Figure 14.

ΔM curves (a), (c), (e) and (g) and their derivatives (b), (d), (f) and (h) for group 1a and 1b samples at different low temperatures. Below −163°C the curves for group 1a sample still shows a behavior typical for only one titanomagnetite population, whereas the curve for group 1b sample indicates a second ferrimagnetic phase is present. This phase is responsible for the “wasp-waisted” hysteresis loop observed in Figure 13.

Table 5. Coercive Force (Hc) and Saturation Magnetization (Ms) at Different Temperatures for 1a and 1b Group Samples Determined From Low-Temperature Hysteresis Loops
Temperature, °C−240−203−163−23
Hc, mT
1a21615346.15.53
1b34.857.942.48.36
 
Ms, Am2/kg
1a1.341.331.401.61
1b1.140.800.610.48

[56] Except for group 1a samples, all groups (1b, 2, 3) show an increase in susceptibility at very low temperatures (<−100°C) in the MS-T curves (Figures 4 and 8). Although the ferri-/antiferromagnetic properties of oxide phases different to titanomagnetite may account for this MS increase, low-temperature SD to SP behavior of the grain population forming fine exsolution structures could also be the cause.

[57] If comparing the significance of the methods applied in this study for discriminating the different groups of magnetic behavior, we found the low-temperature susceptibility measurements most useful, although group 3 and 4 could not be discriminated (Figure 15). The major advantage of the low-temperature susceptibility method is its sensitivity to compositional changes and the domain-state of titanomagnetite. However, this method alone cannot solve the complex rock magnetic behavior observed in the HSDP-2 samples. Additional remanence experiments and the mineralogy determined by optical methods are required. We found temperature-dependent susceptibility measurements to be more useful than microprobe analyses for determing the chemical composition of homogeneous and exsolved titanomagnetite, but different compositions due to short range melt fractionation and oxidation are difficult to obtain. A widening of the concave upward shape in MS-T curves largely indicates a range of chemical compositions. High-resolution transmission microscopy studies would be most helpful to confirm this interpretation.

Figure 15.

Magnetic characteristics of sample groups 1 to 4 discriminated by this study.

6. Conclusions

[58] A study of basalt cores from the HSDP-2 drilling at Hawaii reveals that lava extruded subaerially or under submarine conditions is characterized by a variety of magnetic properties related to different origins. The following characteristics were recorded in the HSDP-2 section:

  1. The mean MS in subaerial lava flows is generally lower in the Mauna Loa compared to the Mauna Kea units, which may reflect the influence of different magma compositions.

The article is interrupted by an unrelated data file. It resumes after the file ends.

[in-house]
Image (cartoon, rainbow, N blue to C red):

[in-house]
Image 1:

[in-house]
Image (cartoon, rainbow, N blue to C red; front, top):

2. Different subaerial lava types (aa, transitional, pahoehoe) show clear differences in their MS with generally higher susceptibilities in aa lava than in transitional and pahoehoe lavas.
  3. In subaerial lava flows, three different groups of magnetic behavior (Figure 15) are distinguishable, related to the degree of high-temperature oxidation during the lava extrusion. MS shows systematic variation along with differences in these magneto-mineralogical assemblages. In relation to group 1, group 2 behavior is associated with increased MS whereas group 3 behavior accompanies a significant decrease.
  4. Submarine lava flows from Mauna Loa can similarly be subdivided into groups based on their rock magnetic properties. Lava flows and volcaniclastic sediments between 1079 and 1984 mbsl in the drill core have been interpreted as subaerial flows that continued past the shoreline as submarine flows. Clasts and massive flows from this depth range, either have homogenous and/or exsolved titanomagnetites and display group 1 or 2 behavior. No samples displayed group 3 behavior indicating that these submarine lava flows experienced no high temperature oxidation. However, a fourth rock magnetic group was recorded in these rocks. This group is restricted to hyaloclasites and pillow breccias and is characterized by a dominance of paramagnetic behavior on the temperature versus MS curves, with small amounts of nearly pure magnetite with single domain and/or superparamagnetic behavior. Samples below 1984 mbsl in the drill core showed no exsolution textures with group 1 and 4 behavior dominating.
  5. High-temperature oxidation of primary homogeneous titanomagnetite controls the texture and mineralogy of the magnetic minerals in the subaerial lava flows.
  6. The controlling mechanism of the magnetic properties in the submarine lava section is the cooling and quenching rate of the lava flows, which results in large grain size variations and titanomagnetites of different compositions.
  7. Low-temperature alteration, which is of importance in ocean floor rock magnetism, is of minor relevance in this setting. Similarly, hydrothermal alteration as described from the ocean floor or from Icelandic basalts, is unimportant for the magnetic properties of the 3109 m deep section of the HSDP-2 drill hole.

[59] In general, our findings on subaerial lava flows are similar to what is described by Grommé et al. [1969] for samples from the Alae and Makaopuhi subaerial lava lakes of the Kilauea volcano. Our observations additionally confirm the new aspects concerning the magnetic behavior of submarine basalt as given by Zhou et al. [1997, 2000], and are important to understand the deeper magnetic structure of the Hawaiian shield volcano, as monitored, for example, by magnetometer borehole measurements (Steveling et al., submitted manuscript, 2002).

Acknowledgments

[60] This work was funded by a grant from the Deutsche Forschungsgemeinschaft (DFG), Germany (KO1514/1). H.d.W. gratefully acknowledges a visiting fellowship grant at the Institute of Rock Magnetism, Minneapolis. Critical comments and suggestions by the reviewers J.F. Diehl and L. Tauxe, and by L. Warr improved the paper. We thank C. Seaman and J. Kirschvink for support during sampling at California Institute of Technology in Pasadena, CA, and C. Dietl and T. Pelzer (both Heidelberg) for their laboratory assistance.

Ancillary